Quantcast

Corporate Welfare at its Worst | The Nation

  •  

Corporate Welfare at its Worst

  • Share
  • Decrease text size Increase text size

The United States has a $6 trillion national debt, a growing deficit and is borrowing money from the Social Security Trust Fund in order to fund government services.We can no longer afford to provide more than $125 billion every year in corporate welfare--tax breaks, subsidies and other wasteful spending--that goes to some of the largest, most profitable corporations in America.

About the Author

Bernie Sanders
Bernie Sanders, a member of the Senate Democratic Caucus, is the longest-serving Independent in US Congressional...

Also by the Author

Read the full text of Senator Bernie Sanders's statement to Congress on the balancing the budget.

A White House deficit commission is reportedly considering deep benefit cuts for Social Security. We can and must address our deficit without punishing America’s workers, senior citizens, the disabled, widows and orphans.

One of the most egregious forms of corporate welfare can be found at a little-known federal agency called the Export-Import Bank, an institution that has a budget of about $1 billion a year and the capability of putting at risk some $15.5 billion in loan guarantees annually.At a time when the government is underfunding veterans' needs, education, healthcare, housing and many other vital services, more than 80 percent of the subsidies distributed by the Export-Import Bank goes to Fortune 500 corporations.Among the companies that receive taxpayer support from the Ex-Im are Enron, Boeing, Halliburton, Mobil, IBM, General Electric, AT&T, Motorola, Lucent Technologies, FedEx, General Motors, Raytheon and United Technologies.

You name the large multinational corporation, many of which make substantial campaign contributions to both political parties, and they're on the Ex-Im welfare line.Needless to say, many of these same companies receiving taxpayer support pay exorbitant salaries and benefits to their CEOs.IBM, for example, gave its former CEO Lou Gerstner more than $260 million in stock options while it was lining up for Ex-Im handouts.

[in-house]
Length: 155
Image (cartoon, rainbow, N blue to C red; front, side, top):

The great irony of Ex-Im policy is not just that taxpayer support goes to wealthy and profitable corporations that don't need it, but that in the name of "job creation" a substantial amount of federal funding goes to precisely those corporations that are eliminating hundreds of thousands of American jobs.In other words, American workers are providing funding to companies that are shutting down the plants in which they work and moving them to China, Mexico, Vietnam and wherever else they can find cheap labor.

For example, General Electric has received more than $2.5 billion in direct loans and loan guarantees from the Ex-Im Bank.And what was the result?From 1975 to 1995 GE reduced its work force from 667,000 to 398,000, a decline of 269,000 jobs. In fact, while taking the Ex-Im Bank subsidies, GE was extremely public about its "globalization" plans to lay off US workers and move jobs to Third World countries.Jack Welch, the longtime CEO of GE stated, "Ideally, you'd have every plant you own on a barge."

General Motors has received more than $500 million in direct loans and loan guarantees from the Export-Import Bank.The result?GM has shrunk its US work force from 559,000 to 314,000.

Motorola has received almost $500 million in direct loans and loan subsidies from the Ex-Im Bank.The result? A mere 56 percent of its work force is now located in the United States.

In fact, according to Time magazine, the top five recipients of Ex-Im subsidies over the past decade have reduced their work force by 38 percent--more than a third of a million jobs down the drain.These same five companies have received more than 60 percent of all Export-Import Bank subsidies.Boeing, the leading Ex-Im recipient, has reduced its work force by more than 100,000 employees over the past ten years.

Here are a few examples of your Ex-Im taxpayer dollars at work:

The Export-Import Bank has provided an $18 million loan to help a Chinese steel mill purchase equipment to modernize its plant.This Chinese company has been accused of illegally dumping steel into the United States--exacerbating the crisis in our steel industry.

Since 1994 the Ex-Im Bank has provided $673 million in loans and loan guarantees for projects related to the Enron Corporation, leaving taxpayers exposed to $514 million.The bank approved a $300 million loan for an Enron-related project in India even though the World Bank repeatedly refused to finance it because it was "not economically viable."

The bank is subsidizing Boeing aircraft sales to the Chinese military.According to the president of Machinists' Local 751: "Boeing used to make tail sections for the 737 in Wichita, but they moved the work to a military factory in Xian, China.Is this Boeing's definition of free trade, to have American workers compete with Chinese labor making $50 a month under military discipline?"

The bank insured a $3 million loan to help General Electric build a factory where Mexican workers will make parts for appliances to export back to the United States.This project is responsible for the loss of 1,500 American jobs in Bloomington, Indiana.

And on and on it goes.The bottom line is that if the Export-Import Bank cannot be reformed so as to become a vehicle for real job creation in the United States, it should be eliminated.American citizens have better things to do with their money than support an agency that provides welfare for corporations that couldn't care less about American workers.

  • Share
  • Decrease text size Increase text size